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Russia’s Return to Orthodoxy

by Michael J.L. La Civita

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Now that the Russian Federation has cast off its communist yoke, the world’s largest nation can get on with the business at hand – sustaining and reconstructing its broken society.

To spearhead these efforts, government leaders and members of the intelligentsia have enlisted the aid of a former enemy, the Russian Orthodox Church, and her leader, Patriarch Alexei II of Moscow.

The evangelization of Russia – the traditional heartland of Slavic Orthodoxy and the center of the former Soviet Union – is an enormous task. Russians feel they have become morally corrupt; unadulterated laziness plagues an already inefficient system; corruption is rampant; and alcoholism and crime have reached epidemic proportions. After 74 years of poverty and “overtake and surpass” rhetoric, Russians are exhausted and bitter.

“All we hoped for, all we believed in, all we sacrificed for – were lies,” confessed a babushka (grandmother) to Anthony Ugolnick, an American Orthodox deacon and Soviet specialist. “We have lost our faith.”

Although some Russians claim they have lost the faith, many hanker for what was lost – pravoslaviye russiya, Orthodox Russia.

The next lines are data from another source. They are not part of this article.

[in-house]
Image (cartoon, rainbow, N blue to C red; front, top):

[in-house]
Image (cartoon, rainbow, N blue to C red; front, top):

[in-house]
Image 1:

The few churches that the Soviets kept open are packed with both the young and old. The number of baptisms is innumerable. Each day, the Church receives notification of the return of yet another warehouse, vodka factory or scientific museum – all former churches.

While visiting John Cardinal O’Connor in his New York residence in late November, Patriarch Alexei received a cablegram informing him that Moscow had returned to the Church St. Basil’s Cathedral on Red Square and the Kremlin cathedrals of the Dormition, Annunciation and Archangel Michael – the sites where Russia’s tsars were christened, crowned and buried.

Throughout this vast empire, churches buzz with the hum of workmen’s saws and the rich deep basses of the chanting choirs. Where is the money and energy coming from to regild the onion domes, restore the whitewashed frescoes and replace the fallen crosses?

The defeat of Soviet socialism has unleashed a reaction to things scientific and rational. Suddenly Russians have begun dabbling in the occult; new age and spiritist movements compete with fundamentalist sects imported from the United States. Faith healers and the like are the darlings of the new Russian media. This “acute fever,” as described by Sergei Kapitza, a respected Russian scientist, is a serious threat to Orthodoxy’s mission.

“…the disappointment of life lacking in spirituality is not yet a spirituality,” Patriarch Alexei reflected in a speech at Georgetown University on Nov. 15. “The Church is to go through much pain and effort to bring millions of people, poverty-beaten and trodden by ideological and administrative oppression…back from the ashes and ruins…to a life of human dignity.”

To restore human dignity, the Church needs sufficiently trained priests, trained lay catechists, bibles and other religious literature to support charity and religious education. Denied the opportunity to fulfill its Christian mission under communism, orthodoxy must start from the beginning.

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Tags: Russia Russian Orthodox Church Orthodox Church Communism/Communist Soviet Union